Causality and causal inference -

Causality and causal inference -

Causality and causal inference 4th session, reading group in qualitative methods 11/7-2008 What is causality Ontology What is causality? The interpretations of Hume: constant conjunction or skepticism Regularity views and counterfactual accounts One definition (David Lewis); A causes B if A ->B ~A ->~B Applies to singular events ontologically, but can be

generalized. Start with the idiosyncratic, and generalizations as descriptions. How can we infer causality Epistemology Causation and covariation Different causal structures that might lead to covariation The role of time Epi-phenomenality What can we infer from spatial variation? Unit homogeneity and constant effect assumptions. In general: Ceteris Paribus clauses (Gerring, ch6) What if there is no variation temporally or spatially? Counterfactual claims The intermingling of empirical evidence, theories and models, design structure and sometimes common sense

Causal inferences are always made with a degree of uncertainty. Insight into the social world, and non-observability (Hume again) Some general problems: Measurement error, omitted variable bias (KKV) or other potential mechanisms at work (Elster), endogeneity problems, multi-colinearity Inference continued Experiments and quasi-experiments The long and tedious (but enlightening) text from Campbell and Stanley dwells on the potential pit-falls with different experimental set-ups. Some key-words: learning effects, selection effects, history and time trends, unobserved variables Statistics Econometrics, pit-falls and remedies

Unit homogeneity? Fixed effects Endogeneity? Lagging variables and 2SLS Linearity? Functional form, matching Conjunctural causality? Interaction terms..(Ragin as alternative) Comparative method Case-studies The role of additional evidence, knowledge of phenomena, triangulation of different sorts and pieces of evidence (arriving at empirical implications) Causal effects KKV and counterfactuals..systematic and unsystematic components. Average causal effect and variation in causal effect. Contingencies of causal effects.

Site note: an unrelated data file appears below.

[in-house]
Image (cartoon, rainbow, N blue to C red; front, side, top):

Equifinality and conjunctural causality: does not require different metaphysics, but puts different demands on design for inference Causal effect is prior to mechanisms. The latter gives us more fine grained knowledge about processes, but we need to start with something to explain. A B..through which mechanisms? A x y B z Causal mechanisms

Mayntz: Mahoney found 24 different def by 21 diff authors! Should be used on linked activities. Linking events (Elster) Sequences as important, but looping and feedback: Paul David and QWERTY Causal mechanisms and the plausibility of our inferences. Methodological individualism and the role of actors Mayntz: specify level of reality, degree of conceptual abstraction and assumed scope of application. Specification and classification: Cumulative knowledge One example from Mayntz: macro-micro, micro-micro and micro-macro. Mechanisms based explanation and causal effect-based explanation are complementary rather than contradictory

Some tools: social psychology, cognitive psychology, game theory What if multiple equilibria and many potential cognitive mechanism at work? Empirical evidence. Be aware of and report plausible alternatives and uncertainty of inf. Elster and mechanisms The dynamic aspect of the social sciences and the quest for ever more fine-grained explanations. The variety of mechanisms..pre-emptive mechanisms..Find the one that is operating Explanation and prediction Explanation and narratives..evidence Explanation and functionalism Gerring and process tracing Triangulating bits and pieces of different types of evidence

Often hard to quantify, because of the different nature of the evidence. Still try to qualitatively assess uncertainty.. Process tracing and detective work. Theories and predictions of different phenomena..various levels of analysis and aggregation, various spheres of social life Often leans on general assumptions about the social world: Stringency, inference and the need to explicate these assumptions: folk psychology and Keynes in economic history. An interesting one: people believe what they report and report truthfully! Advice from Gerring: 1) Clarify the argument (visual diagrams?), 2) verify each stage of the model, evaluate uncertainty. Focus on dubious parts.

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